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The Trinity Voice

The student news site of Trinity Preparatory School

The Trinity Voice

The student news site of Trinity Preparatory School

The Trinity Voice

Marvel Madness

Marvel’s recent projects face widespread criticism
Lia Garibay

   The Marvel Cinematic Universe has been a staple for fans of cinema since its first film, Iron Man, was released in 2008 and grossed 585.2 million dollars in global box office revenue. Since then, Marvel Studio has released 31 films and numerous series in various “phases” of a grander interconnected cinematic plot. The conclusion of Phase 3, Avengers: Endgame, is the second highest grossing movie of all time at nearly 2.8 billion dollars. However the projects that followed in Phase 4 were not as well received by fans. 

   Phase 4 is distinctive when compared to other Marvel phases, both in quantity and quality of content. While earlier phases saw the release of one or two movies per year, Phase 4 was an onslaught of content, with eight projects being released in 2022 alone. While many fans are ecstatic about this change, many feel that the expansion has not been done well. 

   “The bigger the universe gets, the more they add to it, the more watered down it feels,” Middle School Dean Jeff Wilson said. 

   Wilson has been a fan of the Marvel comics long before the movies were released, and feels that new releases have not lived up to the standards that the earlier movies did.

   “The first three phases were, to me as a fan, fantastic,” Wilson said. “I was thrilled with the first three phases. The whole Infinity Saga, I was on board, I was all about it. Phase 4, we have not really hit the stride… and it hasn’t felt very connected to this point.” 

   Connection between projects has always been a large part of the appeal to the Marvel Cinematic Universe. Junior Eva Chong believes that connection between the projects is what sets the movies apart from others of the same genre.

   “I think it’s really really cool how all of it’s connected,” Chong said. “It’s never just one thing: everything has a second layer, second meaning that gives it a lot more depth than a basic action movie.”

   However, the connection between projects in Phase 4 have recently come under the attack of intensely devoted fans on social media. Many of the newer projects have been said to service the larger Marvel plot and setting up later movies rather than focusing on their own complicated storylines.

   “It’s a problem that the comics also have: individual books often suffer because they’re part of a bigger tie-in,” Wilson said. “It’s a valid criticism when whatever you’re reading has to take an issue break because they have to tie into some whole big Marvel thing. it dilutes the momentum of where that book was going. So I think it’s a valid criticism that the [recent projects] are trying to do a little bit of fanservice and tell a bigger, deeper, richer story, which takes away some of the things they could be doing with these shows.”

   Marvel’s latest release, Ant-Man and the Wasp: Quantumania, is the first project of Phase 5. It currently holds the second lowest Rotten Tomato score for a Marvel movie at 48%, ranking above Eternals at 47% and below Thor: Love and Thunder at 63%. These three films, the worst ranked in the Marvel Cinematic Universe, were released in Phases 4 and 5.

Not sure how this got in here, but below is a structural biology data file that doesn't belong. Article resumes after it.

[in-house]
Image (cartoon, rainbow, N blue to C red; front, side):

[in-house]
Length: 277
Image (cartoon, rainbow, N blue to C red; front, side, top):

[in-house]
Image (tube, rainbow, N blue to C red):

Junior Rhea Choksey believes the reason behind these lower scores is the overarching Marvel plot taking over individual movies. 

   “With Doctor Strange in the Multiverse of Madness, it didn’t feel like a Doctor Strange movie. It’s part of the problem of why it didn’t perform as well, because they were clearly trying to set up Scarlet Witch as a villain and other projects with the multiverse. They kind of sacrificed like Dr. Strange’s arc and his character, which they should have focused on more because it’s his second movie.” 

   Choksey also believes the interconnected plot alienates new fans and casual moviegoers who lack the background knowledge often necessary in understanding the new films.

   “People will understand it better if it can be an enjoyable film without understanding the whole overarching plot,” Choksey said. 

   Although the criticism for recent phases has been intense, some fans, such as Wilson, have faith in Marvel Studios President Kevin Feige and his vision of a grander plot.

   “Kevin Feige has a master plan,” Wilson said.  At some point, this will all come together. We’re probably too judgy because I’m sure there is a much bigger plan than what we’re aware of.”

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About the Contributors
Taylor Riley
Taylor Riley, Editor-in-Chief
Taylor Riley is a senior in her third year on staff, working as Editor-in-Chief. When she's not writing for the Voice or doing homework, she's writing for fun, trying and failing to learn to play the piano and making playlists on Spotify (she currently has 56 and counting). Contact at [email protected].
Lia Garibay
Lia Garibay, Graphic Designer
Lia Garibay is a senior starting her second year on staff. She is a part of the graphics department. Lia enjoys drawing, reading and fencing. Contact her at [email protected].

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